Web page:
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Wynton Marsalis

Jazz at Lincoln Center Orchestra with Wynton Marsalis (featuring Soweto Kinch)

Jazz at Lincoln Center Orchestra with Wynton Marsalis
(featuring Soweto Kinch & Peter King)
@ the Barbican Centre
18 June 2010

Click an image to enlarge.

Wynton Marsalis biography

Wynton Marsalis is an internationally acclaimed musician, composer, bandleader, educator and a leading advocate of American culture. He is the world’s first jazz artist to perform and compose across the full jazz spectrum from its New Orleans roots to bebop to modern jazz. By creating and performing an expansive range of brilliant new music for quartets to big bands, chamber music ensembles to symphony orchestras, tap dance to ballet, Marsalis has expanded the vocabulary for jazz and created a vital body of work that places him among the world’s finest musicians and composers.

Wynton Marsalis was born in New Orleans, Louisiana on October 18, 1961 to Ellis and Dolores Marsalis, the second of six sons. At an early age he exhibited a superior aptitude for music and a desire to participate in American culture. At age 8 Marsalis performed traditional New Orleans music in the Fairview Baptist Church band led by legendary banjoist Danny Barker, and at 14 he performed with the New Orleans Philharmonic. During high school Marsalis performed with the New Orleans Symphony Brass Quintet, New Orleans Community Concert Band, New Orleans Youth Orchestra, New Orleans Symphony, various jazz bands and the popular local funk band, the Creators.

At age 17 Marsalis became the youngest musician ever to be admitted to Tanglewood’s Berkshire Music Center. Despite his youth, he was awarded the school’s prestigious Harvey Shapiro Award for outstanding brass student. Marsalis moved to New York City to attend Juilliard in 1979. When he began to pick up gigs around town, the grapevine began to buzz. In 1980 Marsalis seized the opportunity to join the Jazz Messengers to study under master drummer and bandleader Art Blakey. It was from Blakey that Wynton acquired his concept for bandleading and for bringing intensity to each and every performance. In the years to follow Marsalis performed with Sarah Vaughan, Dizzy Gillespie, Sweets Edison, Clark Terry, Sonny Rollins, Ron Carter, Herbie Hancock, Tony Williams and countless other jazz legends.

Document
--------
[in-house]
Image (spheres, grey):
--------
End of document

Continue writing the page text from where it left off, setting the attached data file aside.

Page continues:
Marsalis assembled his own band in 1981 and hit the road, performing over 120 concerts every year for 15 consecutive years. With the power of his superior musicianship, the infectious sound of his swinging bands and an exhaustive series of performances and music workshops, Marsalis rekindled widespread interest in jazz throughout the world. Marsalis embraced the jazz lineage to garner recognition for the older generation of overlooked jazz musicians and prompted the re-issue of jazz catalogue by record companies worldwide. He also inspired a renaissance that attracted a new generation of fine young talent to jazz. A look at the more distinguished jazz musicians of today reveals numerous students of Marsalis’ workshops: James Carter, Christian McBride, Roy Hargrove, Harry Connick Jr., Nicholas Payton, Eric Reed and Eric Lewis, to name a few.